Dive site briefings on Gozo are important to all divers taking part in the activity. They are not always certified divers that we give a briefing to, beginners require briefings too. Adapting our dive site briefing to the type of dive we intend to do is a must. Beginner divers doing a Discover Scuba Dive in Xwejni Bay, Gozo for the first time must understand the briefing. It is very important to them and provides them with clarity of what is coming next. A good, clear discover scuba dive brief offers beginner dives a clear pathway.
A well-delivered dive site briefing gives certified divers an idea what the dive site is like. Among other things it informs you who dives with who and how deep we plan to go. Environment issues, hazards, currents and many other points are covered in a dive site briefings. There are quite a number of points we include in our dive site briefing, so let’s take a look at these;
Dive Site Name.
The name of the dive site enables your divers to be able to log their dive. It is valuable information to the divers if they want to research the area before the dive. Explain which side of the island we are on, Gozo is small and people like to know where they are.
Brief the divers about the topography of the site. A dive map or whiteboard is very useful to help divers see what you mean. A drawing or a layout with rocks or towels helps divers visualise what is down there. Does the area have a sandy bottom, rock or seagrass? How deep is the dive site and what direction you are going to take? Explain any hazards when diving wrecks, currents or overhead areas such as swim-throughs. What can we see at the dive site, which flora and fauna live there? Explain what is likely to be there, but do not over-exaggerate, this leads to disappointed divers.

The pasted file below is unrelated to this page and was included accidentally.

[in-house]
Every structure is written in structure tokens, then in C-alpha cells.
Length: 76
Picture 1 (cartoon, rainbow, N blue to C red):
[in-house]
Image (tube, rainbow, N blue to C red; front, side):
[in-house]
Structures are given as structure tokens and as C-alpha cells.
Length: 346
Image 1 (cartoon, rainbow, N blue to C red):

Your role and how to recognise you underwater?
Explain to your divers what you are wearing underwater. The colour of your fins and wetsuit often helps. Let them know you are at the front, leading the dive or you are bringing up the rear. This is important for divers to know if they are seeking your help or guidance. Inform the group when other staff are present in the dive group and which role they are playing.
Entry and Exit Points.
This is an important factor for divers. Do we enter with fins on or off, via a ladder or do we have to make a deep water entry? Inform your divers what they need to do and what to be aware of. Exit points are just as important. When and where to remove the fins, is it an open ladder (fins friendly) or do we have to remove our kit? While briefing entry and exit points, state when wet, uneven and slippery. The entrance to Blue Hole is a cause for many painful ankle injuries, not to mention a diver falling fully kitted up!